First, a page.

Tired of your tried-and-true math routine? Chances are if you’re feeling the itch to incorporate new activities into your math time, your students are as well. Mixing it up in math class can bring fresh perspectives to stale concepts or standards, and your students will enjoy stretching their brains in different ways with these middle school math puzzles. Critical thinking, trial and error, and pure logic abound in these 30 though-provoking puzzles. Get ready to reignite your middle schoolers’ excitement for math!

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## 1. Sudoku

Sudoku is way more than just an activity to pass the time on long-haul flights. This math puzzle is actually a fantastic problem-solving activity for middle schoolers. Kick-starting your typical math class with a Sudoku puzzle will have your students thinking critically, practicing trial and error, and looking at math in a totally different way. Plus, you can differentiate by providing Easy, Medium, and Difficult puzzles.

Learn more: Sodoku Puzzles To Print

## 2. 5 Pirates Puzzle

Ahoy and shiver me timbers! This logic puzzle is perfect for a small-group activity to get your middle schoolers working together to solve the conundrum of how pirates plan to share treasure among themselves. Multiple scenarios will play out in this puzzle, so scaffolding with problem-solving strategies is a must.

Learn more: 5 Pirates Puzzles/Math Is Fun

## 3. Fives Challenge Puzzle

This puzzle is perfect for reviewing addition, multiplication, division, and subtraction and would be a great activity to do when gearing up to teach order of operations. Students could work in pairs or small groups to riddle out each target number.

Learn more: Fives Challenge Puzzle/Math = Love

## 4. Beehive Puzzle

Perfect for a station during math rotation or for a rainy-day recess activity, this logic puzzle involves creating a beehive shape without having any squares of the same color touching each other. Students can practice trial and error as well as problem-solving.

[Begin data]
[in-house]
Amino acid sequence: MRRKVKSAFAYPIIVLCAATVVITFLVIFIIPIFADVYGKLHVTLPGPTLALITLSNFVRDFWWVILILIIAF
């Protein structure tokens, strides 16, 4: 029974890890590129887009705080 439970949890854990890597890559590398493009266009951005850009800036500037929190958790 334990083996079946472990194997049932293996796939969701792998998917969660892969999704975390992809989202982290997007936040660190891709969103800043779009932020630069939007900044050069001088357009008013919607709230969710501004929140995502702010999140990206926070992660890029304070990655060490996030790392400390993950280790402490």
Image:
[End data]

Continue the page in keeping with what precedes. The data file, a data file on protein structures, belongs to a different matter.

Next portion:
Learn more: Beehive Puzzle/Math = Love

## 5. Guess My Number

Guess My Number is just as much a riddle as it is a math puzzle. Students use their number sense to determine the number in question. As an extension activity, students can come up with their own clues and trade them with a classmate to solve.

Learn more: Guess My Number/Education.com

## 6. Math Riddles

Perfect for a morning warmup, these middle school math puzzles activate all kinds of math knowledge. You can poll the class and have them show their work before clicking to reveal the correct answer. This site even has more challenging puzzles if your middle schoolers fly through the easier ones.

Learn more: Math Riddles/Get Riddles

## 7. 2048

My seventh graders loved playing this puzzle as an early-finisher activity. Though the idea is simple (move the tiles until two of the same numbers touch), it’s actually great for recognizing exponents and also for thinking strategically.

Learn more: 2048/Prodigy

## 8. Magic Squares

Magic Squares have been around for thousands of years, and they come in all shapes and sizes. The 3×3 grid is a great size to introduce to your students and then work up to larger and more complex grids. You can even bring this puzzle off the paper and have your students write the grid out in sidewalk chalk, or write the numbers on water bottle caps to make a fun tactile activity.

Learn more: Magic Squares/Prodigy

## 9. Impossible Domino Bridge

Using dominoes to build a seemingly impossible bridge is a perfect activity for the first day or week of a new school year. Your students can work together in small groups and get to know one another as they attempt to construct the bridge that looks like it could turn into a game of Jenga at any moment.

Learn more: Impossible Domino Bridge/Math = Love

## 10. Math Picture Puzzles